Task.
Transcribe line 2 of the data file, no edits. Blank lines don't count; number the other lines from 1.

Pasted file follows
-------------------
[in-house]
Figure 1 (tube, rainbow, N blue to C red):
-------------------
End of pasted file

Figure 1 (tube, rainbow, N blue to C red):